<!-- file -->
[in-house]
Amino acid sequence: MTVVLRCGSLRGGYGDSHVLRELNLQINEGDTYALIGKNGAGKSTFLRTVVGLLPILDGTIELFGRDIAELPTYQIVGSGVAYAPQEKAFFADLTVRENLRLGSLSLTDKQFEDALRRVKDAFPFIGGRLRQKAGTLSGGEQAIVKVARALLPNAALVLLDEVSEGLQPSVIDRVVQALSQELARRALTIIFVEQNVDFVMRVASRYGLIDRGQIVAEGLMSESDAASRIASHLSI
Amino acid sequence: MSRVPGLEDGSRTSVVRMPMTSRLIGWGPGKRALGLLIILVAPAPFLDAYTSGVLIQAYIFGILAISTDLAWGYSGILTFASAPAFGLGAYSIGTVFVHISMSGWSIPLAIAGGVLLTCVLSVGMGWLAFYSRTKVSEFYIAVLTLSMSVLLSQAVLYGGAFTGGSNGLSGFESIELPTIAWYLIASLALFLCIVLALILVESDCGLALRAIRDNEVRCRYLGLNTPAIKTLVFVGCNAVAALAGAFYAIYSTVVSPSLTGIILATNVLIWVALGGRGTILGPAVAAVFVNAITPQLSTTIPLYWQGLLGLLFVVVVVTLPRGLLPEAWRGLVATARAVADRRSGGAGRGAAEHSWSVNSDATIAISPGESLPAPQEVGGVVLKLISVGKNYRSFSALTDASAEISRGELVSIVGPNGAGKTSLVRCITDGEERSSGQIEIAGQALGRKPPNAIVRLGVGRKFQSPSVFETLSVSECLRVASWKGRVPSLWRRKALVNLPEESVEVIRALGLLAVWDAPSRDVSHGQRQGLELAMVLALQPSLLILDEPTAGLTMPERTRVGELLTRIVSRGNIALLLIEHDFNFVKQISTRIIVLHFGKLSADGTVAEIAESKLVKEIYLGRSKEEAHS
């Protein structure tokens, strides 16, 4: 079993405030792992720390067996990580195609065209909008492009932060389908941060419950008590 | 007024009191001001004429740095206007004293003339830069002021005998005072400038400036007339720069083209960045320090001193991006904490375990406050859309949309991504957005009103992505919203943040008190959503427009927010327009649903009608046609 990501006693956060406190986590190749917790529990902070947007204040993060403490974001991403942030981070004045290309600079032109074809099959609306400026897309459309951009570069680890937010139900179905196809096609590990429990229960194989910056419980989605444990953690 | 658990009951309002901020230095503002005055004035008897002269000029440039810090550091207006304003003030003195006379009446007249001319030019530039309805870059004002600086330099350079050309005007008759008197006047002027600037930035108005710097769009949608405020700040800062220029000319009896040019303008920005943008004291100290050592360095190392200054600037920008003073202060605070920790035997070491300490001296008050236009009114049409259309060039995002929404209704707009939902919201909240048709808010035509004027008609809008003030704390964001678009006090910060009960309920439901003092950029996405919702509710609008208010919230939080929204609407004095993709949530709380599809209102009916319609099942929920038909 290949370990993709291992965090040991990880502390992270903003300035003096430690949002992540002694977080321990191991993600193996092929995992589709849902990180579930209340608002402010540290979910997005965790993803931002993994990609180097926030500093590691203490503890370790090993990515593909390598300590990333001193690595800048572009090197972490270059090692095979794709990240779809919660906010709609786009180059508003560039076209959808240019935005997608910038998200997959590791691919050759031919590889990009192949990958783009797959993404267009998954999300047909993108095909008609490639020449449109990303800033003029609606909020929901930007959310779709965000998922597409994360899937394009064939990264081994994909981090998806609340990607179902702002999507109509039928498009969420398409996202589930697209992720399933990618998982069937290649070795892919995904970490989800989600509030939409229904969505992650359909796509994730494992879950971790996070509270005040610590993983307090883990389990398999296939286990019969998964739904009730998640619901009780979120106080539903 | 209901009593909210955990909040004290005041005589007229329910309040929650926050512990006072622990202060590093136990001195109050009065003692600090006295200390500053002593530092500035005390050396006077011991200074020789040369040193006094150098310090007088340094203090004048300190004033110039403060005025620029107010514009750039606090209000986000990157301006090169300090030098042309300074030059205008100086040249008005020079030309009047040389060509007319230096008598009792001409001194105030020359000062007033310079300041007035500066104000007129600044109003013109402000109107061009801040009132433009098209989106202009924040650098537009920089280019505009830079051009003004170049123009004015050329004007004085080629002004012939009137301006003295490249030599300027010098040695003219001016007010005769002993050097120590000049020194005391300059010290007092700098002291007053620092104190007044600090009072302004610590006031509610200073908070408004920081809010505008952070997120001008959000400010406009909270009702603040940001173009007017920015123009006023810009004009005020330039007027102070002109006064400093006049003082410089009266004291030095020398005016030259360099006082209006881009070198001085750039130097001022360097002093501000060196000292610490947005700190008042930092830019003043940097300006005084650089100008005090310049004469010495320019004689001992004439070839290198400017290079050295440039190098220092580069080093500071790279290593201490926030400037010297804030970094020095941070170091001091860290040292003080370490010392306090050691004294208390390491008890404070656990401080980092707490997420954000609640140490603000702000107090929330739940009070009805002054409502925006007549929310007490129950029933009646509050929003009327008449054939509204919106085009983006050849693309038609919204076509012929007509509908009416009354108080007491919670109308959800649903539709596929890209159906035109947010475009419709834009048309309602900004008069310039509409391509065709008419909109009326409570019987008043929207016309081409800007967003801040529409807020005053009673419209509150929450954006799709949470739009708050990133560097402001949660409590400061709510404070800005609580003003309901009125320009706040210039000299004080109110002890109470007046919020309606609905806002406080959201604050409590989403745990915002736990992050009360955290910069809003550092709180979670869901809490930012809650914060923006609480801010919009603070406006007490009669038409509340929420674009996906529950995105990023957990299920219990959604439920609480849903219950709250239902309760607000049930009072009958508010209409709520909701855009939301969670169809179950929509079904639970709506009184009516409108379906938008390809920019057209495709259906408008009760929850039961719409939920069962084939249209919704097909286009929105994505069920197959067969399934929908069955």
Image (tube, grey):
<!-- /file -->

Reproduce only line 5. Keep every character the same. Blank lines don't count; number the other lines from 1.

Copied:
Image (tube, grey):